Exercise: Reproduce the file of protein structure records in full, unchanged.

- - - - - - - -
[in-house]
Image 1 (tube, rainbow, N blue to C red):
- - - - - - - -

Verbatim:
[in-house]
Image 1 (tube, rainbow, N blue to C red):